Paris, June 14, 2012
A major discovery in the fight against streptococcal infections
Group B streptococcus, or Streptococcus agalactiae, is responsible for infections of the bovine mammary gland (mastitis), and can also cause serious diseases in humans (e.g. pneumonia, meningitis, septicemia), particularly in neonates. Researchers at INRA and the Institut Pasteur demonstrated the key role played by a molecule known as antigen B, located on the surface of the bacterium. Their research has determined this molecule’s involvement in controlling bacterial growth, and provides a promising outlook for the fight against these infections. The findings were published today (June 14, 2012) in PLoS Pathogens.
Discovery of the function of antigen B, which is essential for normal bacterial development
In 1934, the American bacteriologist, Rebecca Lancefield, developed an immunological technique for identifying streptococci, based on the presence of a complex sugar, or polysaccharide, in the bacterial cell wall. In Streptococcus agalactiae, this polysaccharide, known as antigen B, had no known biological function.
Researchers from the INRA center in Jouy-en-Josas and the Institut Pasteur have now demonstrated the major biological role played by this molecule exposed on the bacterial surface and universally used in clinical bacteriology identification tests since its discovery nearly 80 years ago.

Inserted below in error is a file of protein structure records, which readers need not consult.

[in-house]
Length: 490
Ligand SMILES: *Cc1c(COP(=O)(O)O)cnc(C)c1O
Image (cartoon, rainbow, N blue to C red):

The wall is an integral component of the bacterial cell; reactions take place here that control cell growth and division, which are the target of many antibiotics. These highly complex phenomena involve multiple molecular interactions, which require a high level of coordination in terms of location and activity. The researchers showed that antigen B is essential for the correct progress of bacterial cell growth, division and morphogenesis. The photographs below illustrate the cell defects observed in the absence of antigen B.
The outlook in the fight against streptococcal infections
Surface polysaccharides similar to antigen B are present on the surface of many of the streptococci that cause a range of human and animal infections. The synthesis of surface polysaccharides therefore offers a potential target for the development of new, anti-infective molecules.
© Inra / Thierry Meylheuc and Michel-Yves Mistou
S. agalactiae with (left) or without antigen B (right)
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MICALIS “Food and Digestive Microbiology for Human Health”
Scientific division “Microbiology and the Food Chain”
Jouy-en-Josas INRA center
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Sabine D'Andréa / +33 (0)1 44 38 92 17